Essentially this article is about continuous improvement. Whether the leader is developing people, resources, systems or anything else, the focus is on being better tomorrow than we were yesterday. Some of this continuous improvement – for example, that which relates to systems and processes - may be about finding incremental improvements in the way we do things. However, there may come a time when small increments do not do the trick. In some instances, the most innovative thing you can do is eliminate the system – or a particular stage in the process. The mind-set that looks for small increments is unlikely to notice that a process is quite useless – unless some bright person has a blinding flash of inspiration and asks “Why are we doing this?” That can be a telling question.
When it comes to developing people, that is also, to some extent about “continuous improvement”. As people develop, their ability to make a contribution grows. Furthermore, they have more options in terms of how they apply their abilities. As a consequence, they become more engaged and do better work. Managers who do not spend time developing their people are not serious about being managers! Any manager who is not willing (or claims to be unable) to invest time in developing team members does not deserve to have that role. Becoming a manager is not a reward for good work. It confers on the manager total responsibility for the performance of the team – and that means that a good proportion of your working hours must be spent developing your people: clarifying expectations; coaching them; giving them projects that stretch them; reviewing their work and spending time supporting them in their work. It takes time – and that means you need to allocate this time. It is not an interruption to your work. It IS your work.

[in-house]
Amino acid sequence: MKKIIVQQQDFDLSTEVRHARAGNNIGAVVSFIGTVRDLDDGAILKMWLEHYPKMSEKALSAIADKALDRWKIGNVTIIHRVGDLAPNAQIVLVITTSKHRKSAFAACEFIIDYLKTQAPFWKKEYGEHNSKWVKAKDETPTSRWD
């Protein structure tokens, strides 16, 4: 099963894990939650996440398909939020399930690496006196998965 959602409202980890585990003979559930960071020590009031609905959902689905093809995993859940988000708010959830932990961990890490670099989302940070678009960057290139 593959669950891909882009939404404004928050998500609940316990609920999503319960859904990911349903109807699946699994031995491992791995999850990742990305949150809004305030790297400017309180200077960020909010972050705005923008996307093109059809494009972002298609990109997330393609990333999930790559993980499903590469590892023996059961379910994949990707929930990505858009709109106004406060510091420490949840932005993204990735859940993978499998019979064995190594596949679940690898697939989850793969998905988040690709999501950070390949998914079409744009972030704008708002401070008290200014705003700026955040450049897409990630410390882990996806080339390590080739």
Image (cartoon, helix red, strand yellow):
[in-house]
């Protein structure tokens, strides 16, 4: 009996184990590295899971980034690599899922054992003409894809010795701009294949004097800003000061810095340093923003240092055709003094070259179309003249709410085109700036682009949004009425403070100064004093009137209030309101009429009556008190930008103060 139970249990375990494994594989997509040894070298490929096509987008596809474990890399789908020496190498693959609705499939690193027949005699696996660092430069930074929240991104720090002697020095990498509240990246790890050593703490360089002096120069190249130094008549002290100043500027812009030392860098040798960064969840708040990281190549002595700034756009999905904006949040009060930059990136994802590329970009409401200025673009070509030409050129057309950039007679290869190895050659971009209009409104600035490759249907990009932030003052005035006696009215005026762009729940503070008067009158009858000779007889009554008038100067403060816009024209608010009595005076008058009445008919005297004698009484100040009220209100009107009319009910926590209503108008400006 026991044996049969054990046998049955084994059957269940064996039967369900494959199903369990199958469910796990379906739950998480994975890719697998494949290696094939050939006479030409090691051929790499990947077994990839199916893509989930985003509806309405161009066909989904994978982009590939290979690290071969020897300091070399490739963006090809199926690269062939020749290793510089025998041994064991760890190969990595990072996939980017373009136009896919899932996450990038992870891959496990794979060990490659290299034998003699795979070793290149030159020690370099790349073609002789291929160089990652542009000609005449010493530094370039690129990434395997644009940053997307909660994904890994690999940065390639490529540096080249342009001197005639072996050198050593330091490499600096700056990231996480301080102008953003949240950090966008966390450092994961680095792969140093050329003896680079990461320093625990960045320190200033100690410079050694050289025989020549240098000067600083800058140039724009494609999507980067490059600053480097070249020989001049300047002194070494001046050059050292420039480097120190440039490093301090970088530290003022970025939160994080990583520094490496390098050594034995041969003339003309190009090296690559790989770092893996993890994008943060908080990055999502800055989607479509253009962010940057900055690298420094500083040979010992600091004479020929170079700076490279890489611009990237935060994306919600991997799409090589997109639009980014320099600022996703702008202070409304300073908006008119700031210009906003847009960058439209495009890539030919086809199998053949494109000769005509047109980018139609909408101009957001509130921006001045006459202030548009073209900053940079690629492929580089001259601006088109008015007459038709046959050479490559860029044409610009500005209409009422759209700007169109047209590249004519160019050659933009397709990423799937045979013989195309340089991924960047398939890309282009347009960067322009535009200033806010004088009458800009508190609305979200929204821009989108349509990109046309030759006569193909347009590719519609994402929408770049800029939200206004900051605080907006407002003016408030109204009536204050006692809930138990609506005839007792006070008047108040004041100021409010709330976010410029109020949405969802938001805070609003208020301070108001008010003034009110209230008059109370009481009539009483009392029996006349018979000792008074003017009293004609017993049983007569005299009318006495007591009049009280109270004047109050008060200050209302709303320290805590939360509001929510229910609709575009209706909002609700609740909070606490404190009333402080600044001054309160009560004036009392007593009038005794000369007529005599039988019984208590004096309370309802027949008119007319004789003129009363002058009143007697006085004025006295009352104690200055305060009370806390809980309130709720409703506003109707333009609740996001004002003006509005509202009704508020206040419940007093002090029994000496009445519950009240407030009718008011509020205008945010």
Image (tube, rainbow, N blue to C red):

How do you foster development in your team? What disciplines or routines do you have in place that create opportunities to critically evaluate your systems and processes? Do you have a team member who asks “Why are we doing this?” How do you take advantage of this point of view in the interests of improving how you do things? Or do you dismiss these questions? Not a good idea. Rather give this person the opportunity to critically evaluate your systems and processes and make recommendations for improvements. How much of your own time do you spend deliberately developing your people? Do you treat this as an irritation and an interruption? Rather schedule time for this into your calendar, and give it your full attention at those times.
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